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LaFollette v. United States

United States District Court, E.D. Tennessee, Greeneville

May 11, 2017

NANCY L. LaFOLLETTE, Petitioner,
v.
UNITED STATES OF AMERICA, Respondent.

          MEMORANDUM AND ORDER

          J. RONNIE GREER UNITED STATES DISTRICT JUDGE

         Nancy L. LaFollette (“petitioner”) has filed a motion to vacate, set aside, or correct her sentence pursuant to 28 U.S.C. § 2255, [Doc. 469]. The United States has responded in opposition, [Doc. 487]. For the reasons discussed in this memorandum and order, her motion is DENIED.

         I. Background

         On January 10, 2012, an indictment was filed which charged petitioner with numerous offenses involving methamphetamine. Because of a plea agreement discussed below, the only count of that indictment which remains relevant is Count One which charged petitioner with conspiring with her co-defendants to manufacture 50 or more grams of methamphetamine.[1] The punishment for a conviction on Count One was a mandatory minimum ten years up to a maximum of life, 21 U.S.C. § 841(b)(1)(A).

         On July 5, 2012, petitioner and the government entered into a plea agreement in which she pled guilty to the lesser included offense of Count One, i.e., conspiring to manufacture at least five but less than 50 grams of methamphetamine.[2] The punishment for conspiring to manufacture at least five but less than 50 grams of methamphetamine was a mandatory minimum five years up to a maximum of 40, 21 U.S.C. § 841(b)(1)(B). In addition, petitioner waived her right to collaterally attack her conviction or sentence in a § 2255 proceeding except for claims of ineffective assistance of counsel or prosecutorial misconduct unknown to her at the time of entry of judgment.[3]

         Under § 2D1.1 of the United States Sentencing Guidelines (“USSG”), the United States probation office determined that petitioner's base offense level was 28.[4] A total of three levels were deducted for acceptance of responsibility and assistance to law enforcement, resulting in an adjusted offense level of 25.[5] Petitioner's criminal history score was a 6 and her criminal history category was III.[6] Based upon a total offense level of 25 and a criminal history category of III, petitioner's guideline range was 70 to 87 months.[7] The Court sentenced petitioner to 78 months.[8]The judgment was filed on February 12, 2013.[9]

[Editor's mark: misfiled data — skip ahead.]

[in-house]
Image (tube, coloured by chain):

II. Petitioner's Motion

         Petitioner filed her motion to vacate, set aside, or correct her sentence on September 8, 2014, 19 months after the judgment in this case was filed. Her motion and accompanying memorandum are a bit confusing, but she seems to make two claims: First, she claims that it was a violation of her due process rights when her criminal history was used to subject her to a mandatory minimum sentence of five years when none of her convictions were “aggravated felonies.” Second, again arguing that none of her prior convictions were for aggravated felonies, she maintains that the United States Probation Office erroneously used those convictions in calculating her criminal history category at III.

         III. Standard of Review